The IMAX Experience

June 27, 2005

Michele and I went to see the new Batman movie ("Batman Begins") yesterday afternoon. We noticed that our favorite multiplex now sports an IMAX theater, complete with a huge screen and over amped speakers. So we decided to see it there.

The matinée price was $9 each. Rather steep, but acceptable - after all we were going to see the movie in a special way. Right? Riiiight.

Arriving 15 minutes before show time we discovered that the theater was nearly full. Only single seats here and there between groups of people were available, and the only seats together were in the second row. Learn from my experience, do not, EVER, sit in the second row of an IMAX style movie. Particularly if you wear bifocals. The screen was so big and so close that I was unable to see all of the picture in focus at once.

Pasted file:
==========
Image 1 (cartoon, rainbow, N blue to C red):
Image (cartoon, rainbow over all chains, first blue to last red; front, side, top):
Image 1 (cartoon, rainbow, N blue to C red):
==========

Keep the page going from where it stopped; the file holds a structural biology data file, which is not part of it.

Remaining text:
Since the edges of the screen were beyond the range of my vision the action sequences were painfully disorienting to watch. I was unable to keep my focus on anything faster than a pan across the scene, so the fight scenes were lost in a multi-colored blur. Or would have been had the picture been bright enough to have color.

You see, viewing it from the extreme angle we had, the top third of the screen and outer quarter on each side of the screen, were dim, almost unlit. IMAX uses a curved screen, and is best viewed from some distance away. The local theater chain, in an effort to make money, gives up any shot at customer satisfaction, but putting seats so close that you can't really view the movie.

Having seen many IMAX productions in the past from a proper seating perspective I know that it provides an unparalleled visual and auditory experience. However, the greed of the Hollywood movie industry was evident since the seating in this theater was designed for maximum sales and not viewer satisfaction.

We won't be watching a Hollywood release in IMAX again any time soon.

Author's profile picture

Mark H. Nichols

I am a husband, cellist, code prole, nerd, technologist, and all around good guy living and working in fly-over country. You should follow me on Twitter.